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The Leadership Podcasts Every Shop Owner Should Consume

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With busy lives and long commutes, the best way for some shop owners to hone their leadership style and gain information is to listen to podcasts. Time is everything and it’s easy to get overwhelmed with the massive amounts of leadership sources that have become available.

“We are so overwhelmed and so inundated as entrepreneurs,” says Frank Leutz, owner of Desert Car Care Center in Chandler, Ariz. “We can easily get burned out, so we have to have the proper method to distinguish what we can put into action.”

Three shop owners share their favorite audio resources that they turn to in order to make their businesses better and to become better leaders. As well as what they have taken away from each podcast and how they’ve implemented those strategies into their shops.

 

The Podcast: Cardone Zone with Grant Cardone

The Reviewer: Jimmy Alauria, owner of 3A Automotive & Diesel in Phoenix, Ariz., a $1.5 million shop with an average monthly car count of 275.

The Takeaway: Get new ideas from professionals in other fields.

Alauria has always been one to pick up a self-help book over a science fiction novel, and that interest has made the seamless transition over to podcasts. He listens to leadership sources for a convenient way to improve his ability to lead his employees at his Pheonix shop. Alauria began listening to Cardone Zone with Grant Cardone and, soon after, enrolled in Cardone University, a series of business training lectures, to motivate his employees.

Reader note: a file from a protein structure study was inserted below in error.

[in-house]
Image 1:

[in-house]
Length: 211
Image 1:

“Grant Cardone is one of the top sales motivation business educators out there,” says Alauria.        

Although Cardone has a background in the auto industry (he has consulted dealerships on how to increase their car sales), the podcast itself is more centered on business. What makes Cardone Zone unique and applicable are the individuals that join Cardone throughout the episodes. The podcast features interviews with people of all different verticals, from a gym owner to a real estate agent, to speak on their successes and leadership styles. The different perspectives give new ideas of how other industries are running their business, that can then be implemented into running an auto repair shop.

“Sometimes when we’re just studying in our own industry, we get closed minded on what works,” Alauria says.

He gives the example of how using a dentist’s tips on how they get their patients to come back and give recommendations can be used for fresh ideas on getting the same in the auto repair industry.

Cardone Zone seems to be geared toward the younger entrepreneurs, Alauria says, but that’s one of the reasons why he likes it. It gets him thinking with millennials.   

“It’s not just about business or finances, it’s also about personal improvement,” says Alauria

 

The Podcast: John Maxwell Leadership Podcast

The Reviewer: Bambi Crozier, owner of CAR Clinic in Lowell, Ark., set to hit $1 million in yearly revenue.

The Takeaway: Be aware of your leadership blind spots.

In 2012, Bambi Crozier opened up her Arkansas shop with almost no working knowledge of the industry. She spent the last decade working in call centers and communication sales for AT&T, before deciding to start a business with her husband. After debating on opening a daycare, British pub, or auto repair shop, they landed on the CAR Clinic. But Crozier had to make the transition from working in a business, to leading a business.